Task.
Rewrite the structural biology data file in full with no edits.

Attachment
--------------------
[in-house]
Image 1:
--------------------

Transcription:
[in-house]
Image 1: